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Parental age and the risk of childhood acute myeloid leukemia: results from the Childhood Leukemia International Consortium.
Cancer Epidemiol. 2019 04; 59:158-165.CE

Abstract

BACKGROUND

Parental age has been associated with several childhood cancers, albeit the evidence is still inconsistent.

AIM

To examine the associations of parental age at birth with acute myeloid leukemia (AML) among children aged 0-14 years using individual-level data from the Childhood Leukemia International Consortium (CLIC) and non-CLIC studies.

MATERIAL/METHODS

We analyzed data of 3182 incident AML cases and 8377 controls from 17 studies [seven registry-based case-control (RCC) studies and ten questionnaire-based case-control (QCC) studies]. AML risk in association with parental age was calculated using multiple logistic regression, meta-analyses, and pooled-effect estimates. Models were stratified by age at diagnosis (infants <1 year-old vs. children 1-14 years-old) and by study design, using five-year parental age increments and controlling for sex, ethnicity, birthweight, prematurity, multiple gestation, birth order, maternal smoking and education, age at diagnosis (cases aged 1-14 years), and recruitment time period.

RESULTS

Adjusted odds ratios (ORs) and 95% confidence intervals (CIs) derived from RCC, but not from the QCC, studies showed a higher AML risk for infants of mothers ≥40-year-old (OR = 6.87; 95% CI: 2.12-22.25). There were no associations observed between any other maternal or paternal age group and AML risk for children older than one year.

CONCLUSIONS

An increased risk of infant AML with advanced maternal age was found using data from RCC, but not from QCC studies; no parental age-AML associations were observed for older children.

Authors+Show Affiliations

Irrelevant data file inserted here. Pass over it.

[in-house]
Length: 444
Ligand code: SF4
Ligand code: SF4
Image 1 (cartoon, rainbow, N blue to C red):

Department of Hygiene, Epidemiology and Medical Statistics, Medical School, National and Kapodistrian University of Athens, Athens, Greece.Department of Women's and Children's Health, Uppsala University, Uppsala, Sweden.Division of Epidemiology & Clinical Research, Department of Pediatrics, University of Minnesota, Minneapolis, MN, U.International Agency for Research on Cancer, Section of Environment and Radiation, Lyon, France; Danish Cancer Society Research Center, Childhood Cancer Research Group, Copenhagen, Denmark.Department of Chronic Disease Epidemiology, Yale School of Public Health, Cancer Prevention and Control, Yale Comprehensive Cancer Center, Yale School of Medicine, CT, USA.Department of Epidemiology, School of Public Health, University of California, Los Angeles, CA, USA.Faculty of Social Sciences, University of Tampere, Tampere, Finland.Public Health Sciences Division, Fred Hutchinson Cancer Research Center, Seattle, WA, USA; Department of Epidemiology, School of Public Health, University of Washington, Seattle, WA, USA.Division of Epidemiology & Clinical Research, Department of Pediatrics, University of Minnesota, Minneapolis, MN, U.Epidemiology and Cancer Statistics Group, Department of Health Sciences, University of York, Heslington, York, United Kingdom.School of Public Health, University of California, Berkeley, CA, USA.Cancer Epidemiology Unit, Department of Translational Medicine, CPO Piedmont and University of Eastern Piedmont, Novara, Italy.Epidemiology and Cancer Statistics Group, Department of Health Sciences, University of York, Heslington, York, United Kingdom; Pediatric Hematology-Oncology Program, Instituto Nacional de Cancer, Rio de Janeiro, Brazil.Baylor College of Medicine, Department of Pediatrics Texas Children's Cancer Center, TX, USA.Central American Institute for Studies on Toxic Substances (IRET), Universidad Nacional, Heredia, Costa Rica.School of Public Health, University of California, Berkeley, CA, USA; Department of Preventative and Social Medicine, Dunedin School of Medicine, University of Otago, Dunedin, New Zealand.Danish Cancer Society Research Center, Copenhagen, Denmark.School of Public Health, University of California, Berkeley, CA, USA.Department of Chronic Disease Epidemiology, Yale School of Public Health, Cancer Prevention and Control, Yale Comprehensive Cancer Center, Yale School of Medicine, CT, USA.Public Health Sciences Division, Fred Hutchinson Cancer Research Center, Seattle, WA, USA.Epidemiology and Cancer Statistics Group, Department of Health Sciences, University of York, Heslington, York, United Kingdom.International Agency for Research on Cancer, Section of Environment and Radiation, Lyon, France.Department of Hygiene, Epidemiology and Medical Statistics, Medical School, National and Kapodistrian University of Athens, Athens, Greece.Department of Hygiene and Epidemiology, School of Medicine, University of Ioannina, Greece; Center for Evidence Synthesis in Health, Brown University School of Public Health, Providence, RI, USA.Department of Hygiene, Epidemiology and Medical Statistics, Medical School, National and Kapodistrian University of Athens, Athens, Greece; Clinical Epidemiology Unit, Department of Medicine, Karolinska Institute, Stockholm, Sweden. Electronic address: epetrid@med.uoa.gr.No affiliation info availableNo affiliation info available